LNG 2-7
Climate change in changing landscapes: Dynamic controls on soil moisture and nutrient cycling

Tuesday, August 11, 2015: 4:10 PM
311, Baltimore Convention Center
David P. Huber, Department of Biological Sciences, Idaho State University, Pocatello, ID
Kathleen A. Lohse, Department of Biological Sciences, Idaho State University, Pocatello, ID
Matthew J. Germino, Forest and Rangeland Ecosystem Science Center, US Geological Survey, Boise, ID

Changing climate and altered land cover or land use represent the largest threats to ecosystem function worldwide. Yet few studies have experimentally examined the impact of long-term shifts in those factors on ecosystem function. Especially rare are studies in dryland ecosystems, which cover over a third of the terrestrial land surface. We examine how long-term experimental shifts in precipitation seasonality and vegetation types, mediated by variability in antecedent soil moisture, change nutrient pools and process rates, and the potential for nutrient losses in dryland ecosystems. Our objectives were, 1) how do persistent shifts in precipitation magnitude and seasonality, or changes in vegetation type alter soil water and nutrient partitioning in the biologically active surface horizons, and 2) how do annual fluctuations in antecedent soil moisture patterns (i.e. wet vs. dry periods) modulate ecosystem controls on N partitioning?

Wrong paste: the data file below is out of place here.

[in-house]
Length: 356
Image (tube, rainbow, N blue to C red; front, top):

Our results indicate that belowground processes that modulate inorganic nitrogen availability are differentially controlled by climate and vegetation under contrasting soil moisture regimes. Precipitation additions induced changes in nutrient pools and process rates only in the dry year, showing little variability between the control and treatments during the wet year, stressing the importance of antecedent moisture despite persistent long-term shifts in precipitation. In contrast to precipitation shifts, vegetation treatments had a larger impact on nutrient pools and process rates during the wet year vs. the dry year, modulating ecosystem processes when water was not limiting. Although we observed only small difference in soil moisture between under-plant and inter-plant spaces, differences in nutrient dynamics were significant in both wet and dry years.  This study demonstrates a strong hierarchical control of ecosystem processes by pulses of water availability within the context of changing hydroclimate and land cover.